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Parliament Decriminalises Attempted Suicide

The Parliament of Ghana has finally decriminalised attempted suicide.


This means that persons who fail at committing suicide will no longer be subjected to three years’ imprisonment.


Section 57 of the Criminal Offenses Act of 1960 clauses 1 and 2 of the constitution were amended by the House on Tuesday, March 28, 2023, after years of advocacy.


Until its amendment, the clauses stated that A person who abets the commission of a suicide commits a first-degree felony whether or not the suicide is actually committed.


“A person who attempts to commit suicide commits a misdemeanour.”


This was opposed by the World Mental Health Forum who in July 2021 launched 40 days national campaign to compel the Parliament to amend the Act.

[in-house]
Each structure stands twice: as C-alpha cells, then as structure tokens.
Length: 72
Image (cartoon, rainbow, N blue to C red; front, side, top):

Research has established that 1,500 suicide cases are reported annually, and in each reported case of suicide are four unreported cases, summing the number of unreported cases to almost 6000 yearly.


Common means of suicide worldwide are pesticide self-poisoning, hanging and firearm use, it’s been established.


Whereas it was argued that criminalising suicide deters others from engaging in it, mental health practitioners say, it rather hampers victims from seeking treatment for their suicide tendencies.


According to the World Mental Health Forum, suicide is a matter of public health not judicial.


“It is a common occurrence that people with suicidal behaviours are suffering from mental illness”, it holds


It noted that retrospective research found that 93% of persons who attempted suicide were having mental disorders when undertaking the act.


Under the amendment, any person who attempts suicide will be considered as having a mental health issue requiring assistance by law.




Source: Fuseini

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